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Thatscricket - News - King's final report has nothing new to say

Published: Friday, June 29, 2001, 23:53 [IST]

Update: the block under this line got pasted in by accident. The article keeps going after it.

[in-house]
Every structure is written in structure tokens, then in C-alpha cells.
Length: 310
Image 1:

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Cape Town: The final report of the King Commission of Inquiry into match-fixing in cricket has nothing very much new to say. The most significant aspect of the 22-page report released on Friday is the absence of a clear recommendation that disgraced former captain Hansie Cronje be granted indemnity from prosecution. This had been promised to him if he came clean at the Commission."The Commission was required to express to the National Director (of Public Prosecutions) an opinion as to Cronje's credibility," the report says. "Due to subsequent developments the Commissioner is not in a position to express such opinion and has advised the National Director accordingly, (he) is in agreement with the Commissioner's decision."This paves the way for possible charges against Cronje for contravention of finance and taxation laws.Cronje disclosed during his testimony at the Commission that he had kept large sums of foreign currency allegedly received from bookmakers at his home. Cronje is currently appealing in the high court against a life ban imposed on him by the United Cricket Board of South Africa (UCBSA) after the interim King report.The final report mainly refers to actions taken by and against the King Commission, UCBSA and the Anti Corruption Unit (ACU) of the International Cricket Council (ICC).It refers to two interim reports and the implementation by UCBSA of some of the suggestions therein. It also talks about ACU head Paul Condon's report, and how its recommendations were similar to those of the King interim reports.Judge Edwin King's report says the Commission was established after Indian police released extracts of taped recordings of "certain conversations".These are now known to be between Cronje and an Indian bookmaker, in which Cronje allegedly agreed to throw a match at Nagpur in India last year. King said the work of the Commission had been hampered by its failure to acquire the full context of "the Indian tapes".Referring to the Condon report, King said it was "most disturbing" that corrupt practices are continuing despite measures taken by certain national boards, including the UCBSA. "The hope is expressed that with the introduction of various recommended measures, corruption in cricket will be eradicated. This will be no easy task."IANS

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